Beijing: Jack Ma, who founded Alibaba Group, the world’s biggest e-commerce company, is stepping down as chairman at a time when the rapidly changing industry faces uncertainty amid a US-Chinese trade war. Ma stepped down Tuesday as part of a succession announced a year earlier. He will stay on as a member of the Alibaba Partnership, a group of 36 people with the right to nominate a majority of the company’s board of directors. Ma, 55, founded Alibaba in 1999 to connect Chinese exporters to American retailers. The company has shifted its focus to serving China’s growing consumer market. Domestic businesses accounted for 66 per cent of its USD 16.7 billion in revenue in the quarter ending in June. (AP)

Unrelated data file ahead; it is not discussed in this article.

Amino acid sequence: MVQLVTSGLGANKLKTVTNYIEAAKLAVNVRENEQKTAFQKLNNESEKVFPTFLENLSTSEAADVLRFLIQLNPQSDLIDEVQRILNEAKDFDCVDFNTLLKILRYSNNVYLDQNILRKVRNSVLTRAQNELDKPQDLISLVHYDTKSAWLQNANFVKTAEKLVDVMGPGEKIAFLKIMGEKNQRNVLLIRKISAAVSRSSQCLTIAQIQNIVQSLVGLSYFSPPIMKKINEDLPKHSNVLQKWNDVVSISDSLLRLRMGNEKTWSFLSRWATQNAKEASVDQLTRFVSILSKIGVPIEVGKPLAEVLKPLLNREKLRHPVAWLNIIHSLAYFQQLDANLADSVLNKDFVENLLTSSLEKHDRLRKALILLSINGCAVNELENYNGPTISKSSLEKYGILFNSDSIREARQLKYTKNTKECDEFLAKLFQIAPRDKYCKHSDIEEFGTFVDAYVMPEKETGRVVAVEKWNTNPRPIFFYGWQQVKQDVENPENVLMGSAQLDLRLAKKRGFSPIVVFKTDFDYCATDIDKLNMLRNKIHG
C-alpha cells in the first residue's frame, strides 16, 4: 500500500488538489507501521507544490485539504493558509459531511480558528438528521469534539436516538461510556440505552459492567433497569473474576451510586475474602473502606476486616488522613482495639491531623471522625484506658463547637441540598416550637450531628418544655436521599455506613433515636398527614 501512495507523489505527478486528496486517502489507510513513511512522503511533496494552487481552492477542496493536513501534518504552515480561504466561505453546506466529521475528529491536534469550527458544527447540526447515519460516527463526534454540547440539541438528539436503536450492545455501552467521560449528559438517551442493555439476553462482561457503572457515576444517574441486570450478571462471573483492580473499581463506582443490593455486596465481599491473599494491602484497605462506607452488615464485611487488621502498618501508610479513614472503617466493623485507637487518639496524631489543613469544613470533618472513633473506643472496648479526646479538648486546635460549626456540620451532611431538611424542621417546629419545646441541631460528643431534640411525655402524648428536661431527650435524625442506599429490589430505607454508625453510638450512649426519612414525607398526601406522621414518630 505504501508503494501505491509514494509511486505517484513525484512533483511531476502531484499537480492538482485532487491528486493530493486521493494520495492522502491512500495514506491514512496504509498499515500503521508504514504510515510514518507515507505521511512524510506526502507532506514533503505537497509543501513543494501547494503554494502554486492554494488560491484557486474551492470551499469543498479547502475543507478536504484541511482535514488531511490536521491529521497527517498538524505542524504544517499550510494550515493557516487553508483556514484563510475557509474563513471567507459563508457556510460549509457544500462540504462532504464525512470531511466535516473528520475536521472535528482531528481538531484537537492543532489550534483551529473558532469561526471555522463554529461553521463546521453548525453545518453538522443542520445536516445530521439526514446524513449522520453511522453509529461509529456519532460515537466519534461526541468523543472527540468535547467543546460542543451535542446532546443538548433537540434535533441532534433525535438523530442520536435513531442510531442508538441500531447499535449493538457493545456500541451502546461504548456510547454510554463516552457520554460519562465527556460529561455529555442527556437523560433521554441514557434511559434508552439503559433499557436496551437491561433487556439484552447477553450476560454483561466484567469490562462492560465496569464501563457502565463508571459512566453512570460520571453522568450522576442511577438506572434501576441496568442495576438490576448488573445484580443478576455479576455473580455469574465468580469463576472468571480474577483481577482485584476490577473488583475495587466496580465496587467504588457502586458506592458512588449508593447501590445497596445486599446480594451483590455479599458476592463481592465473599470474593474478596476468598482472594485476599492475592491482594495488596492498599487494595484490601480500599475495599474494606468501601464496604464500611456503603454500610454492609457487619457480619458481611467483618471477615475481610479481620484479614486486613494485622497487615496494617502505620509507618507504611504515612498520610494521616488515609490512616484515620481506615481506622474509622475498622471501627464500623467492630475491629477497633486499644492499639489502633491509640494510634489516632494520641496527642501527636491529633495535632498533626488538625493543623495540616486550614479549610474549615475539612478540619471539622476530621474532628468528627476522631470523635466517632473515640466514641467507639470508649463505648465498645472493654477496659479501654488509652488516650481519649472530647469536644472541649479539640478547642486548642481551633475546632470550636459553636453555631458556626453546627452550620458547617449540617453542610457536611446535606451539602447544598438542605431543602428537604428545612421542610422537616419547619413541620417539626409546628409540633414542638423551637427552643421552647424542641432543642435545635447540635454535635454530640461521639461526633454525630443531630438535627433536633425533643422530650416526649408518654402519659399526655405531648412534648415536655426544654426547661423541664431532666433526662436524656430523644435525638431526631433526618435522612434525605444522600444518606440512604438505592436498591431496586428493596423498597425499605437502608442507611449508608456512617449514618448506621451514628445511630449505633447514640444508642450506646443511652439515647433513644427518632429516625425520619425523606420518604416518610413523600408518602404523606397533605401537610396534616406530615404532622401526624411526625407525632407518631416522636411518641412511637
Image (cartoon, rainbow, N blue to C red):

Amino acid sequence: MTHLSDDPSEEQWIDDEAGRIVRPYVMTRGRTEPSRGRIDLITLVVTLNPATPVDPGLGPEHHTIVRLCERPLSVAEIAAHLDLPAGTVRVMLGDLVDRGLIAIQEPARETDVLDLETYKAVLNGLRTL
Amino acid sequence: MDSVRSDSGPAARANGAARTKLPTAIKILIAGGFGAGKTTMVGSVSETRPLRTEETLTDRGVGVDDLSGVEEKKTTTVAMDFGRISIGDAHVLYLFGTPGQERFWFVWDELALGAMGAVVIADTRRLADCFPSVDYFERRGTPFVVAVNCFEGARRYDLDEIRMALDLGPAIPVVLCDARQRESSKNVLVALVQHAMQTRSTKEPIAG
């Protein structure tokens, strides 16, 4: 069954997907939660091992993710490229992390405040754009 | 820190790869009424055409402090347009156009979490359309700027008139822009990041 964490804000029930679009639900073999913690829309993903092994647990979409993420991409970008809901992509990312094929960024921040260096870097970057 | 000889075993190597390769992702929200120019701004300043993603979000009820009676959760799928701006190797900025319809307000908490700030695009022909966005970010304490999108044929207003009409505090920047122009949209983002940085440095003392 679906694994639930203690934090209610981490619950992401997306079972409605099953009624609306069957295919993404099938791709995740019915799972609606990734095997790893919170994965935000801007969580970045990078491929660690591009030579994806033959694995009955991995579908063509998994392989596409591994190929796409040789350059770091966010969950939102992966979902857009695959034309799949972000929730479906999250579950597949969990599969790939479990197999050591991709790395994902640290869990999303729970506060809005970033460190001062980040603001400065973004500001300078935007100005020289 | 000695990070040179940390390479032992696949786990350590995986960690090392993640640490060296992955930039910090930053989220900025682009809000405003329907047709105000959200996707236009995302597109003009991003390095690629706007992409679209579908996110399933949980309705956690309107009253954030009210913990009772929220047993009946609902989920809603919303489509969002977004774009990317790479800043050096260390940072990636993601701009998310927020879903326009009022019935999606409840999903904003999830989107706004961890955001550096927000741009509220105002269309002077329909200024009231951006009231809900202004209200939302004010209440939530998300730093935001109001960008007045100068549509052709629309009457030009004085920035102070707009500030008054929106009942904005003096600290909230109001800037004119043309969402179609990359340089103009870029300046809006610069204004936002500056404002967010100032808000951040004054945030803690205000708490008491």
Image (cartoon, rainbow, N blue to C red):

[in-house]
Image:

New Delhi: The Supreme Court on Thursday allowed eight out of the 44 girls of Bihar’s Muzaffarpur shelter home to be reunited with their families after all necessary clearances. A bench headed by justices N V Ramana directed the Bihar government to provide all necessary financial and medical assistance to these eight girls. It also directed the state government to assess the compensation liable to be paid to such victims under the scheme and submit a report to the court. Also Read – India gets first tranche of Swiss bank a/c details The bench also comprising justices M M Shantanagoudar and Ajay Rastogi directed the Tata Institute of Social Sciences (TISS) to prepare a status report with respect to the remaining girls and submit it before the court in eight weeks. The apex court’s decision comes after TISS filed its field action project ‘Koshish’ before it in a sealed cover, saying the eight girls were fit to be handed over to their families. Several girls were sexually assaulted at the NGO-run shelter home in Muzaffarpur, Bihar, and the issue had come to light following a report by TISS, which had conducted a social audit.